House of Commons
|Session 2008 - 09|
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Public Bill Committee Debates
The Committee consisted of the following Members:
David Weir, Committee Clerk
attended the Committee
The following also attended, pursuant to Standing Order No. 118(2):
Third Delegated Legislation Committee
Monday 19 October 2009
[Mr. Peter Atkinson in the Chair]
Draft Double Taxation Relief and International Tax Enforcement (Guernsey) Order 2009
That the Committee has considered the draft Double Taxation Relief and International Tax Enforcement (Guernsey) Order 2009.
The Chairman: With this it will be convenient to consider the draft Double Taxation Relief and International Tax Enforcement (Jersey) Order 2009 and the draft Double Taxation Relief and International Tax Enforcement (Virgin Islands) Order 2009.
Mr. Timms: May I start by giving you a warm welcome to the Chair of our Committee, Mr. Atkinson? I hope that you have had a restful and recuperative summer break. I also welcome all members of the Committee.
The orders deal with new or amended tax agreements with Jersey, Guernsey and the British Virgin Islands. Their main focus is on raising the exchange of information for tax purposes to internationally endorsed standards, and they also include provisions for the avoidance of double taxation. The agreement with the British Virgin Islands was signed on 29 October last year. We signed the agreement with Guernsey this January and with Jersey in March.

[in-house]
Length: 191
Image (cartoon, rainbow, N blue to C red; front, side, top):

Before I introduce the orders in more detail, I ask the Committee to consider the debate in the context of the remarkable progress that has taken place this year on a new international consensus on tax information exchange. It all began in the run-up to the G20 London summit in April. A number of countries with a long tradition of secrecy, including Switzerland, Liechtenstein and Singapore, have now committed to tax transparency and to the OECD standard on information exchange. That has been an important breakthrough. The OECD standard is now accepted internationally.